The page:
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Bioinformatics as a driver, not a passenger, of translational biomedical research: Perspectives from the 6th Benelux bioinformatics conference

Francisco J Azuaje1*, Michaël Heymann2, Anne-Marie Ternes3, Anke Wienecke-Baldacchino4, Daniel Struck3, Danièle Moes5 and Reinhard Schneider6

Author Affiliations

1 Department of Cardiovascular Diseases, Public Research Centre for Health (CRP-Santé), 1150 Luxembourg, Luxembourg

2 Integrated BioBank of Luxembourg (IBBL), 1210 Luxembourg, Luxembourg

3 Laboratory of Retrovirology, Public Research Centre for Health (CRP-Santé), 1526 Luxembourg, Luxembourg

4 Life Sciences Research Unit, University of Luxembourg, 1511 Luxembourg, Luxembourg

5 Laboratory of Plant Molecular Biology, Public Research Centre for Health (CRP-Santé), 1526 Luxembourg, Luxembourg

6 Luxembourg Centre for Systems Biomedicine (LCSB), University of Luxembourg, 4362 Esch-sur-Alzette, Luxembourg

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Journal of Clinical Bioinformatics 2012, 2:7  doi:10.1186/2043-9113-2-7

Published: 13 March 2012


The 6th Benelux Bioinformatics Conference (BBC11) held in Luxembourg on 12 and 13 December 2011 attracted around 200 participants, including internationally-renowned guest speakers and more than 100 peer-reviewed submissions from 3 continents. Researchers from the public and private sectors convened at BBC11 to discuss advances and challenges in a wide spectrum of application areas. A key theme of the conference was the contribution of bioinformatics to enable and accelerate translational and clinical research. The BBC11 stressed the need for stronger collaborating efforts across disciplines and institutions. The demonstration of the clinical relevance of systems approaches and of next-generation sequencing-based measurement technologies are among the existing opportunities for increasing impact in translational research. Translational bioinformatics will benefit from research models that strike a balance between the importance of protecting intellectual property and the need to openly access scientific and technological advances. The full conference proceedings are freely available at webcite.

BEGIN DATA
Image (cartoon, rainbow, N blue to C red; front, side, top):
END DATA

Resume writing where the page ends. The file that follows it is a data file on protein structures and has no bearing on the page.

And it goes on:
Translational bioinformatics; Clinical bioinformatics; Translational research; Systems biology; Next-generation sequencing; Bioinformatic infrastructure